From internships to externships, there are 6 primary forms of work-based learning that employers utilize to level-up their employees, or the workforce. The WBL program that works best for you is mostly dependent on your career goals. Which one is right for you?
What is work-based learning?
Basically, work-based learning refers to all forms of learning that takes place in a real work environment. All work-based learning programs should:
- Align the classroom and the workplace
- Apply academic, technical, and employability skills
- Receive support from classroom and workplace mentors
The term “work-based learning” has been expanded to “work-based experiences” since they frequently include more opportunities for skills-based training. Work-based experiences should align with your career path, your skills, and your interests.
Job Shadowing: is a short term opportunity that introduces the student to a particular job or career by pairing the student with a more experienced colleague. As the student acts as the experienced colleague’s “shadow”, the student gets familiar with the duties and responsibilities associated with that job.
Job shadowing may be ideal for an employee who will be assuming a new role in a more immediate time frame.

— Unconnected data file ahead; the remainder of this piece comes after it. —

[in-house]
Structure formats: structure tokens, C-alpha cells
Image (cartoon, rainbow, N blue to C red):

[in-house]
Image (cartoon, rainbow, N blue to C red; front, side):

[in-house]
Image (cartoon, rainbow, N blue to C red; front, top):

Mentorship: is a relationship in which a more experienced person helps to guide a less experienced person. The purpose of mentoring is to utilize the existing knowledge, skills and experience of a more senior colleague and transfer these skills to newer or less experienced employees in order to advance their careers.
Mentorship is more of a long-term relationship over the span of one’s career and provides guidance as opposed to actual job training.
Externship: is an experiential learning opportunity similar to internships but generally shorter, provided by partnerships between educational institutions and employers to give students short practical experience in their field of study.
Internship: is the position of a student or trainee who works in an organization, sometimes without pay, in order to gain work experience or satisfy requirements for a qualification.
If you are currently receiving your education or entering into a new career field, an internship is a good way to gain the education necessary to be employed in your ideal job.
Apprenticeships: involves being taught and supervised by an experienced employee of an organization and periodically evaluated for progress as per the skills and knowledge acquired. An apprentice learns in a realistic environment and gets the opportunity to apply their knowledge in real-world scenarios.
On-the-job training: is the training a person is given while doing a job and getting paid. Similar to shadowing, on-the-job training is often for individuals who anticipate stepping into a role along their career path more immediately.
Which work-based learning program is right for your career path?
If you’re just starting out or well established in your career but looking to advance, speak with your employer to determine your next steps. While entry level employees may benefit from the immediacy of job-shadowing or on the job training, experienced professionals may fit within a mentorship relationship. If you are still unsure as to where to begin, take our career assessment.